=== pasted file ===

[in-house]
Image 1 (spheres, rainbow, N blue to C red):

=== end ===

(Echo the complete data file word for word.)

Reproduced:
[in-house]
Image 1 (spheres, rainbow, N blue to C red):